This past June and again in September when visiting Gdańsk, I had the opportunity to meet and speak with Mrs. Urszula Ściubeł (or Mrs. Ula). She worked as a pipe insulator for many years in the former Lenin/Imperial Shipyard. She also worked as a light crane operator.

Mrs. Ula told me that when she was operating the crane she would often be up in the cabin for hours at a time, as they would need to keep the crane in the exact same position. To keep herself occupied, and so she wasn’t wasting even a moment when she could be productive, Mrs. Ula would embroider. She mentioned that lots of women embroidered or crocheted while they were working in the shipyard during breaks, over lunch, or in the crane cabins. I took the picture above in September at the European Solidarity Centre of Mrs. Ula, showing off some of her beautiful embroidery.

Mrs. Ula also spoke about her allotment and raising children, and all of the canning she did in the summer and autumn so that her family would have ‘compote’ (jam or chutney) all year round. She shared memories of working as a pipe insulator with asbestos, and how she and her colleagues (all women) would sew asbestos-laden fabric around the pipes with aluminium thread, before securing linen around it. Because they worked with toxic materials, the lives of these women were often cut short – leaving friends and young families behind.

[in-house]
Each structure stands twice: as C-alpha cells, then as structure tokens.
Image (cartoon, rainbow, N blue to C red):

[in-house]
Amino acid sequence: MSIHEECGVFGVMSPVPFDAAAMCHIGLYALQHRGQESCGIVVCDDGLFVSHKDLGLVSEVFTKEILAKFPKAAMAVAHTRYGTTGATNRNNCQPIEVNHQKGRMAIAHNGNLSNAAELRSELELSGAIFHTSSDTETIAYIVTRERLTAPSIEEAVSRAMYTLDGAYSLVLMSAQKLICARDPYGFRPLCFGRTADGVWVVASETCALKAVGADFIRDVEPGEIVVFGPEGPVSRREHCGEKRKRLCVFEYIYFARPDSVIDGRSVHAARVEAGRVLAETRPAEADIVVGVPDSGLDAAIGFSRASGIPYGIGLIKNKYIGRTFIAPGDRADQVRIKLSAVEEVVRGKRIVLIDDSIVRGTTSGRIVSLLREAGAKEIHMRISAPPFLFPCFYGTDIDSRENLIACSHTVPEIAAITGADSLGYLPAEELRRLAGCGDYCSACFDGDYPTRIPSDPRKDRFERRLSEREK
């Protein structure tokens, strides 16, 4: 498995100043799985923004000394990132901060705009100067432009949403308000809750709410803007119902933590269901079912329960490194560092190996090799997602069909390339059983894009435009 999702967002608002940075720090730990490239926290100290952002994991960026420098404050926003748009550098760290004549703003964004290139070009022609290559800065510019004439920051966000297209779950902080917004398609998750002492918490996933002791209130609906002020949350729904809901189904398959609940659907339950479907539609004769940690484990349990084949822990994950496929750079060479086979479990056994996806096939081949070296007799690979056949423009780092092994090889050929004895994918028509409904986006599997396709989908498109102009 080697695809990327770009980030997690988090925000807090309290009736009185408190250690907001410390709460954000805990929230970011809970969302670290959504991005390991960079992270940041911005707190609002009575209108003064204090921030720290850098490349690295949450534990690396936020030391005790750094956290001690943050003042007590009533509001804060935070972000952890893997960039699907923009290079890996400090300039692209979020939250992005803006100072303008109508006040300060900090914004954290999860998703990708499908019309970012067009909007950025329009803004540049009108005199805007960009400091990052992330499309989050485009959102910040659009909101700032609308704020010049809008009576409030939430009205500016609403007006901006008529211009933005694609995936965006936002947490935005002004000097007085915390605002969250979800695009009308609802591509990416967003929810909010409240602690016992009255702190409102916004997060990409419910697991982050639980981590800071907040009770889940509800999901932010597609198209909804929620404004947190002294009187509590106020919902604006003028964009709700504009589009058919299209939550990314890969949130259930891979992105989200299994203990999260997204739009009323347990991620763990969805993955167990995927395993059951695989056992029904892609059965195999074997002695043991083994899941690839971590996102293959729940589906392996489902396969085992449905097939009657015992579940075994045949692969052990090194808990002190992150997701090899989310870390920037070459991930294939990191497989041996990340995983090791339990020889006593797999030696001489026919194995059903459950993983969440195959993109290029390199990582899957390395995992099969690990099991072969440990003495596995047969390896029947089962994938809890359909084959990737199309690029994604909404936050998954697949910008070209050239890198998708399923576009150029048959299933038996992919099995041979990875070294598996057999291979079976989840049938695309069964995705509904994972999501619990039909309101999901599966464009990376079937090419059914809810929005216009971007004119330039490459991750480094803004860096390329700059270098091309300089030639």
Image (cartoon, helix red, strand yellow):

I was really interested and inspired by Mrs. Ula’s stories. I was also angry and deeply moved by the early deaths of so many of her colleagues, and the way that these women’s bodies seemed to have been treated as expendable. Fundamentally I wanted to honour them, and to mark their passing in some way. I also wanted to highlight their work in the shipyard, as their contributions felt underrepresented within the existing historical narrative(s).

I was inspired by our visit with architectural students at Politechnika Gdańska during the European collaborative project SOS Climate Waterfront, and their interest in developing strategies for dealing with the toxicity of industrial sites, both on land and within river-based or aquatic systems. I wanted to devise a project that highlighted the shipyard as a toxic site, as a place where the lives of women workers were cut short by the toxicity of their work.

Lastly, I was intrigued by stories (which sometimes felt more like rumours) of gardens and green spaces within the historical shipyard, including a formal garden near the Director’s Offices, and a greenhouse rumoured to have grown flowers which were then given to women workers on International Women’s Day. Some of these green spaces seemed to be evident in a model of the shipyard on display at the Sala BHP. There was also a newspaper article from 1954 which showed images of workers planting flowers in front of the Director’s Offices, but no one I spoke to seemed to know much about it. 

I resolved to find out more.

t s Beall